by Scott Cramer
Clean energy is usually never a central focus of the ballot but was a high priority for voters this election. Here’s a recap of the most critical results affecting renewable energy.
Nevada voters say “yes” to a 50 percent RPS, “no” to retail competition
Question 6 increased the states renewable portfolio standards (RPS) mandating Nevadans to use 50 percent renewable energy by the year 2030.
The initiative defined renewable energy to include sources such as solar, geothermal, wind, biomass and hydroelectric. Advocates say this will generate millions of dollars in economic activity and create thousands of jobs in Nevada. Question 6 requires an increased RPS each year until reaching 50 percent in 2030. Casino’s and data centers have already started investing heavily in renewable energy in Nevada.
Question 3 was rejected yesterday. If passed it would have declared that Nevada’s electricity markets be open and competitive, although it was approved in 2016 it would have had to have been approved this election to become part of the Nevada Constitution. So what does this mean for Nevada? It would have allowed Nevadans to pick their own power provider by 2023, killing Nevada’s electric power monopoly. Many feared that large corporations such as casinos would have benefited far more than the average citizen.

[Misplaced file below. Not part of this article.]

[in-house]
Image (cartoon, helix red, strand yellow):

Advocates say that if it had passed it would drive prices down and increase renewable energy choices. About $63 million was spent opposing Question 3, making it the highest amount of money spent in the history of Nevada politics.
Arizona rejects 50 percent RPS
Unlike Nevada, Arizona rejected Proposition 127 on Tuesday, an amendment that would have required 50 percent of the electricity to come from renewable energy. Arizona Public Service (APS) spent a large sum to oppose the measure. Opponents say Prop 127 would increase electric bills by forcing utilities to build solar and wind plants, supporters disputed, saying renewable energy is now competitive with fossil fuels.
So how would Prop 127 affect Arizonans? APS alleged it would increase the average electricity bill by $1,000 a year, but this is just guesswork, they spent over $22 million on the campaign against clean energy. Arizona is the sunniest state in the country and has great potential for renewable, clean energy. The cost of electricity from solar and wind is now the same or less than fossil fuel power, and dropping fast. Clean energy would benefit all Arizonans, with lower costs, and a healthier future.
Although Prop 127 failed, Arizona is still working on a proposal to expand Arizona’s RPS to 80 percent by 2050.
Scott Cramer is President of Go Solar Group, a Nevada solar company.